Magnetic Los Angeles
Planning the Twentieth-Century Metropolis
Magnetic Los Angeles challenges the widely held view of the expanding twentieth-century city as the sprawling product of dispersion without planning and lacking any discernable order. Using Los Angeles as a case study, Greg Hise argues that the twentieth-century metropolitan region is the product of conscious planning—by policy makers, industrialists, design professionals, community builders, and homebuyers—in direct response to political and economic conditions of the 1920s and the Depression, the defense emergency, and the immediate postwar years.
About the Author
Greg Hise is an associate professor of urban history in the School of Policy, Planning, and Development at the University of Southern California and is coeditor of Rethinking Los Angeles.
Hise has written a fascinating history of L.A. and the thought process behind its developments. He deflates the myth that this megalopolis grew without rhyme or reason.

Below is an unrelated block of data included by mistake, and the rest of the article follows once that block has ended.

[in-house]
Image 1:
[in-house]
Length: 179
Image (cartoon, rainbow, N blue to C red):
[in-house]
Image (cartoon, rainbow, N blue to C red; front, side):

This fresh look at Los Angeles is clearly framed as a study whose subject has national implications... Magnetic Los Angeles is the first authoritative study we have on how the professionalization of planning... affected practice, on how the idea of decentralization became a major force in shaping the environment, and on the intricate details of the process of community building... Hise underscores how rich a yield studying Los Angeles can bring.
Hise postulates a thesis that is as revolutionary as it is straightforward... Hise's narrative is well written and clearly structured, as he nimbly guides the reader through various informational thickets... Magnetic Los Angeles is bound to initiate a whole new direction in planning research.
This is an important book and should be read by anyone interested in the history of the city, the homebuilding industry, and the twentieth-century western landscape.
Hise's synthetic perspective is state-of-the-art: he breaks important new ground in the analysis of metropolitan structure... [and] affords us an alternative view of postwar urbanization, one that can easily be translated to other urban settings.
A welcome and bracing dose of reality.
Hise makes a compelling case for L.A. as a product of middle-class dispersal from disquieting ethnic centers, the Progressive Era's proselytism of the social hygiene in suburbs, [and] 50 years of federal housing policy based on home ownership and segregation.
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